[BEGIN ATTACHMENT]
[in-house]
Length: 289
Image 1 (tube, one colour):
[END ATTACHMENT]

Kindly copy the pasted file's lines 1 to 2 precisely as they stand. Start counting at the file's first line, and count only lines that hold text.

[in-house]
Length: 289